Compared to establishing the brand value of a company, valuing a company’s assets is a piece of cake. After all, if a thing physically exists, someone, somewhere will be able to tell us what it’s worth. But how do we establish a value on a brand like the Nasdaq or New York Stock Exchange?
To most of us, a company’s brand often appears to be a combination of wishful thinking, squishy arithmetic and good PR. Even the ISO standard definition of a brand is less than exact:
[A brand is] a marketing-related intangible asset including, but not limited to, names, terms, signs, symbols, logos and designs, or a combination of these, intended to identify goods, services or entities, or a combination of these, creating distinctive images and associations in the minds of stakeholders, thereby generating economic benefits/value.
The consultants at London-based Brand Finance have put together a list of the top stock exchange brands for 2016 and detailed what criteria they used to arrive at their valuations and rankings.
Based on their criteria, the most valuable stock exchange brand belongs to CME Group Inc. (NASDAQ: CME) with a brand value of $1.72 billion. The New York Stock Exchange, owned by Intercontinental Exchange Inc. (NYSE: ICE), is ranked second with a brand value of $1.35 billion, and the Hong Kong exchange is ranked third at $1.06 billion.
There are four U.S. exchanges in Brand Finance’s top 20: CME; NYSE; Nasdaq Inc. (NASDAQ: NDAQ), ranked fourth with a value of $985 million; and ICE, ranked eighth with a value of $458 million. Those four account for nearly half ($4.7 billion) of the total value ($9.7 billion) of the top 20.
In comments about CME and the NYSE, Brand Finance noted:
CME is the most valuable and fastest growing exchange brand, its value increasing 32% to US$1.7 billion. This is largely due to the impressive year on year growth in four of its six product lines. Furthermore, CME has boosted efforts to expand its core exchange business via strategic alliances and acquisitions, new product initiatives and increased global presence. The second most valuable is the NYSE with a value of US$1.3 billion. With an AAA rating, it is also the most powerful exchange brand, its status boosted by the recent acquisition of Interactive Data Corp (IDC), allowing NYSE to offer pricing data on corporate bonds.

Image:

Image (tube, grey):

Filling out the top 10 are the United Kingdom’s London Stock Exchange, ranked fifth ($679 million), the SIX Swiss Exchange ranked sixth ($522 million), Germany’s Eurex ranked seventh ($461 million), the Singapore Exchange ranked ninth at $380 million and Germany’s Clearstream ranked 10th at $303 million.
In order to determine the strength of a brand we have developed the Brand Strength Index (BSI). We analyse marketing investment, brand equity (the goodwill accumulated with customers, staff and other stakeholders) and finally the impact of those on business performance. Following this analysis, each brand is assigned a BSI score out of 100, which is fed into the brand value calculation. Based on the score, each brand in the league table is assigned a rating between AAA+ and D in a format similar to a credit rating. AAA+ brands are exceptionally strong and well managed while a failing brand would be assigned a D grade.
Brand Finance calculates the values of the brands in its league tables using the ‘Royalty Relief approach’. This approach involves estimating the likely future sales that are attributable to a brand and calculating a royalty rate that would be charged for the use of the brand, i.e. what the owner would have to pay for the use of the brand—assuming it were not already owned.
The steps in this process are as follows:
1 Calculate brand strength on a scale of 0 to 100 based on a number of attributes such as emotional connection, financial performance and sustainability, among others. This score is known as the Brand Strength Index.
2 Determine the royalty rate range for the respective brand sectors. This is done by reviewing comparable licensing agreements sourced from Brand Finance’s extensive database of license agreements and other online databases.
3 Calculate royalty rate. The brand strength score is applied to the royalty rate range to arrive at a royalty rate. For example, if the royalty rate range in a brand’s sector is 0-5% and a brand has a brand strength score of 80 out of 100, then an appropriate royalty rate for the use of this brand in the given sector will be 4%.
4 Determine brand specific revenues estimating a proportion of parent company revenues attributable to a specific brand.
5 Determine forecast brand specific revenues using a function of historic revenues, equity analyst forecasts and economic growth rates.
6 Apply the royalty rate to the forecast revenues to derive brand revenues.
7 Brand revenues are discounted post tax to a net present value which equals the brand value.